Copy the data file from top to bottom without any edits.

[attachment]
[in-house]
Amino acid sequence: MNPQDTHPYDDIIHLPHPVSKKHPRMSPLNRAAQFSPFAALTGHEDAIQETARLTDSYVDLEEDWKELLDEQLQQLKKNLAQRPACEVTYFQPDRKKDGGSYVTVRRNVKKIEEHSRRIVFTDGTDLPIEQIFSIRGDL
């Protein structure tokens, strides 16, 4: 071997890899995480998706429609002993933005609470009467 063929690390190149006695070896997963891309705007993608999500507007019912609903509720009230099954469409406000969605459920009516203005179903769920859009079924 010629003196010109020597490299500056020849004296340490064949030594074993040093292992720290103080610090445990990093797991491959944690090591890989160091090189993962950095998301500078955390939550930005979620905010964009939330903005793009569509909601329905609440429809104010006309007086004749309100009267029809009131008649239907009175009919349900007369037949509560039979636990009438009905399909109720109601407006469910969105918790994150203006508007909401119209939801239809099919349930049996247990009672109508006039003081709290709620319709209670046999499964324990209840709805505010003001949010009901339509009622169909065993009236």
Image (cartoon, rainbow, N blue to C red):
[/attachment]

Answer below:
[in-house]
Amino acid sequence: MNPQDTHPYDDIIHLPHPVSKKHPRMSPLNRAAQFSPFAALTGHEDAIQETARLTDSYVDLEEDWKELLDEQLQQLKKNLAQRPACEVTYFQPDRKKDGGSYVTVRRNVKKIEEHSRRIVFTDGTDLPIEQIFSIRGDL
């Protein structure tokens, strides 16, 4: 071997890899995480998706429609002993933005609470009467 063929690390190149006695070896997963891309705007993608999500507007019912609903509720009230099954469409406000969605459920009516203005179903769920859009079924 010629003196010109020597490299500056020849004296340490064949030594074993040093292992720290103080610090445990990093797991491959944690090591890989160091090189993962950095998301500078955390939550930005979620905010964009939330903005793009569509909601329905609440429809104010006309007086004749309100009267029809009131008649239907009175009919349900007369037949509560039979636990009438009905399909109720109601407006469910969105918790994150203006508007909401119209939801239809099919349930049996247990009672109508006039003081709290709620319709209670046999499964324990209840709805505010003001949010009901339509009622169909065993009236």
Image (cartoon, rainbow, N blue to C red):